A scientific project conducted by the Basque Centre for Cooperative Research in Biomaterials, CIC biomaGUNE, has developed a system based on the use of infrared light and plasmonic nanoparticles for the efficient harvesting of laboratory-grown cells.
This method aims to efficiently produce the basic unit of life so that the cells can be used in regenerative medicine and tissue engineering.
The development is based on the use of infrared light that interacts with plasmonic nanoparticles and generates sufficient energy to detach the cells from the substrates on which they have been grown without damage and with an almost 100% survival rate during the cell retrieval process.
The research work has been conducted by Juan José Giner-Casares, Malou Henriksen-Lacey and Isabel García, under the direction of CIC biomaGUNE Scientific Director Luis Liz-Marzán.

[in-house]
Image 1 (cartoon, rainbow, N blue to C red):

Cell culture is a widely used technique, both in industry and in research, in areas such as virology, biotechnology, immunology, pharmacology and for producing artificial tissues. “The main problem arises when the time comes to collect these cells and tissues, due to the highly invasive nature of the detachment processes, which means that many of these biological bodies die before they are able to be used”, explains researcher Juan José Giner-Casares.
The expert affirms that this research is “important for improving the viability of cells in any type of culture”, but especially in the case of cells of high added value. “Cell integrity is absolutely fundamental for implanting tissue culture in humans”, states the expert. The study has been published in the International Edition of the prestigious German scientific journal Angewandte Chemie.
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